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Seven-card stud, also known as Seven-Toed Pete or Down-The-River is a variant of stud poker. Until the recent increase in popularity of Texas hold 'em, seven-card stud was the most widely played poker variant in home games across the United States, and in casinos in the eastern part of the country. Two to eight players is common, though eight may require special rules for the last cards dealt if no players fold. With experienced players who fold often, even playing with nine players is possible.
Seven-card stud is the "S" game in HORSE and similar mixed game formats.
The game begins with each player being dealt two cards face down and one card face up. The player with the lowest-ranking upcard pays the bring-in, and betting proceeds after that in normal clockwise order. The bring-in is considered an open, so the next player in turn may not check. If two players have equally ranked low cards, suit may be used to break the tie and assign the bring-in (see high card by suit). If there is no bring-in, then the first betting round begins with the player showing the highest-ranking upcard, who may check. In this case, suit is not used to break ties. If two players have the same high upcard, the one first in clockwise rotation from the dealer acts first.
After the first betting round, another upcard is dealt to each player (after a burn card, and starting at the dealer's left as will all subsequent rounds), followed by a second betting round beginning with the player whose upcards make the best poker hand. Since fewer than five cards are face up, this means no straights, flushes, or full houses will count for this purpose. On this and all subsequent betting rounds, the player whose face-up cards make the best poker hand will act first, and may check or bet up to the game's limit.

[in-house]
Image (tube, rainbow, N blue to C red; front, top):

The second round is followed by a third upcard and betting round, a fourth upcard and betting round, and finally a downcard, a fifth betting round, and showdown if necessary. Seven-card stud can be summarized therefore as "two down, four up, one down". Upon showdown, each player makes the best five-card poker hand he can out of the seven cards he was dealt.
Seven cards to eight players plus four burn cards makes 60 cards, and there are only 52 in the deck. In most games this is not a problem because several players will have folded in early betting rounds. If the deck does become exhausted during play, previously-dealt burn cards can be used when only a few cards are needed to complete the deal. If even those are not sufficient, then on the final round instead of dealing a downcard to each player, a single community card is dealt to the center of the table, and is shared by everyone. Discarded cards from a folded hand are not reused. Unlike draw poker, where no cards are ever seen before showdown, stud poker players use the information they get from face-up cards to make strategic decisions, and so a player who sees a certain card folded is able to make decisions knowing that the card will never appear in another opponent's hand.
A common variant called "Mississippi Stud" removes the betting round between fourth and fifth streets, making only four betting rounds. This game also deals the final card face up. This makes the game more closely resemble Texas Hold'em by having the same betting structure and same number of down and up cards.